28-4 Fall Issue
The Village Grill's take on classic bruschetta will have you and your guests (if you decide to share, that is) oohing and aahing so much that you’ll be remiss to say anything else.
Written by Tracie Grimes
Toe-may-toe, toe-mah-toe; there may be different ways to say the name of this juicy vegetable, but there’s only one way to recognize a perfect piece of produce. And Randy Spoelstra knows the secret.
“Nobody can pick out perfect produce like Randy,” smiles his wife, Michelle, patting Randy’s knee lovingly.
It was Randy’s instinct for knowing how to choose top-of-the-line produce, a skill honed through his background in farming, coupled with Michelle’s business sense that lead the pair into a world not many people would even have considered. And for the past ten years the Spoelstras have been reaping rewards from the seeds they took a chance on sowing.
Alpha Wholesale Produce began operations in July 1999, providing central valley restaurants, schools, prisons, etc., with high-quality produce, dairy, and dessert products.
“I’m kinda like a ‘personal shopper’ for our clients,” Randy explains. “I find out what they need, look for it, make sure I get the best out there, and deliver it right away.”
A niche most personal shoppers wouldn’t even think about, but considering that sales grew by more than 100 percent in just the first year, one that needed to be filled. And all thanks to an “ah-ha” moment that established the roots for Alpha Wholesale Produce.
“You know, it’s a really great story how we got into this business,” says Michelle excitedly. “We were in Santa Barbara visiting one of our dear friends, Julian Nafal, who’s very eccentric, by the way, and talking about what we were going to do with our life. We knew whatever business we were going to go into would have to be in Bakersfield because Randy’s oldest daughter was in high school and we didn’t want to move her; we just weren’t sure what direction we were going to go. All of the sudden Julian jumps up, points at me, and says ‘business!’ then points at Randy and says ‘farmer!’ claps his hands and says ‘produce sales!’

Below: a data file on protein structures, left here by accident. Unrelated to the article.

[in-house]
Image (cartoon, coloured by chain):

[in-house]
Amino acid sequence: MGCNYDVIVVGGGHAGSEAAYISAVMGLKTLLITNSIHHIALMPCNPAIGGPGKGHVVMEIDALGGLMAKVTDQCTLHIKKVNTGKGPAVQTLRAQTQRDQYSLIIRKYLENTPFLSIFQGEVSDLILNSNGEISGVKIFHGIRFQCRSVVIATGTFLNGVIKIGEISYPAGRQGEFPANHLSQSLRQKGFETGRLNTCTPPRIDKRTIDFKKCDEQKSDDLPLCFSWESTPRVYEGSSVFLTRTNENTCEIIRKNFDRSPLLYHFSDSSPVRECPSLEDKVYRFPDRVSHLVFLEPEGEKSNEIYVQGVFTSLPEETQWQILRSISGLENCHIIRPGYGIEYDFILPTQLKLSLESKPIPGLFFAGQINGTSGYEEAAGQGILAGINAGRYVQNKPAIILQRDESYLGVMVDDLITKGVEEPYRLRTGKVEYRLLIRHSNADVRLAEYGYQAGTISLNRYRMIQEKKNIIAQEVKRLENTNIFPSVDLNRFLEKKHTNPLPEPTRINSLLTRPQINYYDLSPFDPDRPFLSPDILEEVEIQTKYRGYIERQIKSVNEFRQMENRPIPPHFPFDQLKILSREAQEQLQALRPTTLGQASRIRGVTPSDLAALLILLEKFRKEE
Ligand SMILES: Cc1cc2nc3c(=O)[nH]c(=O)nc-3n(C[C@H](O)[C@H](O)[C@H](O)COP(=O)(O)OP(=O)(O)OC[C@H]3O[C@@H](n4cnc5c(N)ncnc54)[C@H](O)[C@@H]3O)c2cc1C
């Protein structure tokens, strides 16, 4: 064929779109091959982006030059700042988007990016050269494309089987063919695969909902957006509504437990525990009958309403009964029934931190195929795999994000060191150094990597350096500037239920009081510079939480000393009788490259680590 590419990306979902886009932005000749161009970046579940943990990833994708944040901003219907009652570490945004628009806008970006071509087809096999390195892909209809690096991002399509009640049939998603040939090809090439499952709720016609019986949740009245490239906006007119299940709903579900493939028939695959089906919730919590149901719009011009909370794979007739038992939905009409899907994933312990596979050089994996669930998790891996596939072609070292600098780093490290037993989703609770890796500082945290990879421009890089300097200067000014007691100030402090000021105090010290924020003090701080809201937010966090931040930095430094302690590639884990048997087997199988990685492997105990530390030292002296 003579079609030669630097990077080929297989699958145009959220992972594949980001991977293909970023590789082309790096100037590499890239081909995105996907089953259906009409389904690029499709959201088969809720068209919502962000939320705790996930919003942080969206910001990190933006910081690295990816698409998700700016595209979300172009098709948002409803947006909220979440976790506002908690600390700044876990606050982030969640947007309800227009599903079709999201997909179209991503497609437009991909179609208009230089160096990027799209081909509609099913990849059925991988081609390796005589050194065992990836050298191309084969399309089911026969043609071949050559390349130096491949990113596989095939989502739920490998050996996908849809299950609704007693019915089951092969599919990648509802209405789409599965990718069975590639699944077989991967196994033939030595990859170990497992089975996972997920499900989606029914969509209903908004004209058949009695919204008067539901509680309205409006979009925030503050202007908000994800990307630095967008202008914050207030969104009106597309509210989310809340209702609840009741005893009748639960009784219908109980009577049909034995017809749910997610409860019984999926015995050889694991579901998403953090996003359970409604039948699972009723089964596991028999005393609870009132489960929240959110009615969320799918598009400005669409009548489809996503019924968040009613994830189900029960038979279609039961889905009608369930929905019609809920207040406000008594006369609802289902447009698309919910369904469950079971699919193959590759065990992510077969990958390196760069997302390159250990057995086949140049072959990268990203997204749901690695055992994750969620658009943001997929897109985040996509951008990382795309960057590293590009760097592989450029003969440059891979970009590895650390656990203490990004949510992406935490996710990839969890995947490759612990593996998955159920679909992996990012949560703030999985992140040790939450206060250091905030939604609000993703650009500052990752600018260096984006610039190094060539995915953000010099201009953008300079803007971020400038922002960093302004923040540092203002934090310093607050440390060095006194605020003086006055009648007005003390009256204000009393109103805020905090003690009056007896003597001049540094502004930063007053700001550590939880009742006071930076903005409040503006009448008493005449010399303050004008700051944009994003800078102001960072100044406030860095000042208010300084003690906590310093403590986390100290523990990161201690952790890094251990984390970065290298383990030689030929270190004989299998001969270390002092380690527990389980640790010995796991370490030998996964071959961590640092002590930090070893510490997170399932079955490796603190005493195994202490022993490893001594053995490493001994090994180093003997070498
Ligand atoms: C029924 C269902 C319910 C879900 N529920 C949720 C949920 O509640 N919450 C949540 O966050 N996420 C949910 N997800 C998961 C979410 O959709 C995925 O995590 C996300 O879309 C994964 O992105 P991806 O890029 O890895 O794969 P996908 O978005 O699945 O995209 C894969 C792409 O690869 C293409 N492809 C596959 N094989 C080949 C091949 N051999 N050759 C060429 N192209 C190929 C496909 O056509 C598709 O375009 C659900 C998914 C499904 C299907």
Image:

“Randy and I looked at each other and thought ‘Julian just might have something here.’ We started praying about it. I mean I did have the contacts through my days in radio advertising and Randy did have a strong background in farming—and could pick out a great head of lettuce like nobody’s business. So we decided to just go for it.” But “going for it” meant taking a pretty big risk.
“Starting the wholesale produce business meant that neither one of us would have a ‘steady’ job with income we knew would be there to pay the bills,” Randy points out.
“Plus, I was pregnant with our oldest daughter, Grace [now eight],” Michelle continues. “So yes, it was a big leap of faith, but we decided that we’d rely on faith and follow this vision. We both had a core feeling that this would work.”
The Spoelstra home was shortly turned into “command central,” complete with a large Gibbs truck parked in front (“We had some very understanding neighbors,” Michelle adds), and Michelle working to build the Alpha Wholesale clientèle.
“I have to admit that I didn’t hesitate to use my condition to make a sale,” Michelle laughs. “I had no reservations in saying things like ‘if you don’t buy from us, we’re not going to be able to feed this baby.’ ”
And while Michelle (and Grace) was out pounding the pavement to build a customer base, Randy was busy laying the groundwork for the operations of the fledgling business.
“Randy would get up around 10 p.m., eat, get dressed, then drive down to L.A. so he could be there as soon as the trucks rolled into the market,” Michelle begins.
“I wanted to get there first thing so I could get the best produce,” Randy interjects.
“Then he’d drive back, get into town around 6 a.m., make the deliveries, then come home around 1 p.m. and help me do the pricing and invoices. He got maybe four hours of sleep a night and we hardly ever saw each other. That’s another big risk we took to start this business,” Michelle says.